Something less than a half century ago, away down in the depths of the "Great Valley," amid the limestone cliffs of Middle Tennessee, there stood a Baptist meeting-house called Hickman Creek, after the rock-bottom stream whose mountain waters flowed roaringly by. That house was very simple in its architecture, but still it might be considered first-class building for the times. The logs were hewed instead of round, and the roof of shingles instead of clap-boards; a rare improvement for Smith county in those days. The house was an oblong structure, with two doors in one side, and a pulpit of huge dimensions on the other. There were reasons for a capacious pulpit; it was expected that all the preachers who happened to be present would sit in it, and that all would preach or exhort. This was one reason. Another reason grew out of the queer habit some of the preachers had of walking instead of standing, while they preached. It was no unusual thing in those days to see a preacher promenading from end to end of his pulpit during the whole sermon; his eyes, in the meanwhile, closed, and one hand pressed to his ear, as if to protect the tender organ from the dolorous intonations of his own voice. Hence long pulpits, with both ends boarded up, were a necessity as well as a convenience.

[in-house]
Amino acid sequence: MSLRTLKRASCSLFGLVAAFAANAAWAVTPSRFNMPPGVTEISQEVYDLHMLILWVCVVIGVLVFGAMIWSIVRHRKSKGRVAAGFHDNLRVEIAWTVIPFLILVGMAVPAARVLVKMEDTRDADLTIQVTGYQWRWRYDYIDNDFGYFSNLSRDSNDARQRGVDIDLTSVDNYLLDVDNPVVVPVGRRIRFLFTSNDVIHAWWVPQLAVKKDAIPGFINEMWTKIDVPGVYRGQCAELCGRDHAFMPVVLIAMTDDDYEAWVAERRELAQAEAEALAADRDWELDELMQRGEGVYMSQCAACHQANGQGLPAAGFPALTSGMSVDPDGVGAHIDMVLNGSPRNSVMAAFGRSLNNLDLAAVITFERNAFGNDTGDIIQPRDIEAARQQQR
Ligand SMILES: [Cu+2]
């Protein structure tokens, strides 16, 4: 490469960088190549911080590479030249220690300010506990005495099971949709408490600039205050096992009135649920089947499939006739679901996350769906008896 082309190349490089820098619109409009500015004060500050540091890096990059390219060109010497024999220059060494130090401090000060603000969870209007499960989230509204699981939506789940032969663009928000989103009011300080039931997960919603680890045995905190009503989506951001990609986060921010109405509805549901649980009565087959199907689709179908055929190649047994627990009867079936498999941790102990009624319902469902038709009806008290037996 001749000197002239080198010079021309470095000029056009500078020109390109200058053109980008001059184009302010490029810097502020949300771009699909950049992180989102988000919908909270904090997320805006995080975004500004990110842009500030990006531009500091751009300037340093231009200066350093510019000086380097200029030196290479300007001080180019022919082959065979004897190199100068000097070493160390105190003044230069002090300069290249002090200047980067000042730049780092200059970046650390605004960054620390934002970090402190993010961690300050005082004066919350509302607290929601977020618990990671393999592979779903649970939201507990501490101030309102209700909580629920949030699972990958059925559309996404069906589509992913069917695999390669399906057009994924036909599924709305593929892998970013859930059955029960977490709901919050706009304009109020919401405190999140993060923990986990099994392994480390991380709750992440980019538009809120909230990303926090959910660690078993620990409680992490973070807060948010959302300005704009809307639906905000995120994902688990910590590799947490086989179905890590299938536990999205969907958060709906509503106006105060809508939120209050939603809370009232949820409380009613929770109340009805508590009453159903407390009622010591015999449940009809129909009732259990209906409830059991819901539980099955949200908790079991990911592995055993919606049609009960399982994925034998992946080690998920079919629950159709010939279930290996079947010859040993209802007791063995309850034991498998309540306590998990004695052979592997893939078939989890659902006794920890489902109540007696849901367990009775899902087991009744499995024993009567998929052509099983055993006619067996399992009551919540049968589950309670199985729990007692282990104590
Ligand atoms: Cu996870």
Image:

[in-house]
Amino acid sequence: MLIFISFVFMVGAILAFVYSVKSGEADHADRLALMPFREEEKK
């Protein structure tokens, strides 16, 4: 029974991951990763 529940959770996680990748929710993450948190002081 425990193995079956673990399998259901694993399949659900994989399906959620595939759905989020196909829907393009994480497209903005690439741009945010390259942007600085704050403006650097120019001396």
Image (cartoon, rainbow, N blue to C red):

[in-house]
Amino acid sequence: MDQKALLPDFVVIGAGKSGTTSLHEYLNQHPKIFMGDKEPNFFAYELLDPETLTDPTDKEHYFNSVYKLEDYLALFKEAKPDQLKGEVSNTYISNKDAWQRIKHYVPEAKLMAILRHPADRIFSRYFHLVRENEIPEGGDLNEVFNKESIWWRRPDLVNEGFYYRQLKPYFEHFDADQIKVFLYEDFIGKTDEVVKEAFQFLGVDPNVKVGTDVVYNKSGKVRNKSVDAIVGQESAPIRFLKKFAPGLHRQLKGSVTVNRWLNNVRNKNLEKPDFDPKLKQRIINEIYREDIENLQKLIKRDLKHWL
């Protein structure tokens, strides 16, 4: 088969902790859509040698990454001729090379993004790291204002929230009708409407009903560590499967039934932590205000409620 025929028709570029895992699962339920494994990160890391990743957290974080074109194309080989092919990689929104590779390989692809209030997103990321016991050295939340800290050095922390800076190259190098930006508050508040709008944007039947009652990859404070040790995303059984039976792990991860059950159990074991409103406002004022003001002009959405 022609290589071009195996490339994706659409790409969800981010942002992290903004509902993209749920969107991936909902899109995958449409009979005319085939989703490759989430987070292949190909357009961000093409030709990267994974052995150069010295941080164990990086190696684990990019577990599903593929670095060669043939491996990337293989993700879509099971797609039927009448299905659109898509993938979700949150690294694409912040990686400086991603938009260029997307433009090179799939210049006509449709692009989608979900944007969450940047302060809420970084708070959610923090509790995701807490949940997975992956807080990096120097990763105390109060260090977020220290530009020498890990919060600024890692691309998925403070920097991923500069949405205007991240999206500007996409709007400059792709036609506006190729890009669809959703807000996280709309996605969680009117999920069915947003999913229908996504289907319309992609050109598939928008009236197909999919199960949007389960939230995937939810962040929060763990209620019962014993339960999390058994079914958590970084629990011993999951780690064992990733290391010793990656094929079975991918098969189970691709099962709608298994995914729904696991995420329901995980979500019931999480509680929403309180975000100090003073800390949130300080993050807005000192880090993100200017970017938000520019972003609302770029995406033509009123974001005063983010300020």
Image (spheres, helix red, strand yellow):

To this noted place, where four or five roads, or wagon-tracks, converged, might be seen once a month, on Sabbath, multitudes of people coming down the hill-sides on horseback, and gathering in thickening crowds beneath the beautiful forest grove which environed the meetinghouse. The dwellers among these rock-girt hills, for many miles around, came up with their wives and children to worship God under the broad liberty of conscience, unfettered alike by civil enactment and by laws of pride and vanity. They were a plain people, living far from the world's great thoroughfares, and free from the extravagances and vices of city life. Colleges were unknown in that region, consequently the preachers, like the people they served, were men of limited education. They were men of sincere piety and fervent zeal, but governed in manners and in preaching by laws of their own. Unlike the gowned clergy of our day these primitive preachers of the wilderness were accustomed, on a hot summer's day, to take off their coats and preach in the shirt sleeves - a very convenient habit for those who toiled coatless all the week. Unlike the drilled theatrical disclaimers of the modern pulpit, who read their sermons, these earnest, unsophisticated heralds of the gospel, with no teacher of elocution but the promptings of their own pathetic voices, sung their sermons. Like their illustrious ancestor with the leathern girdle, their voice was heard "crying in the wilderness."